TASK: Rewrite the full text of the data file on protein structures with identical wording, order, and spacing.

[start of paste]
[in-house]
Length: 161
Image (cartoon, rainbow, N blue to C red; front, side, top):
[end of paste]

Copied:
[in-house]
Length: 161
Image (cartoon, rainbow, N blue to C red; front, side, top):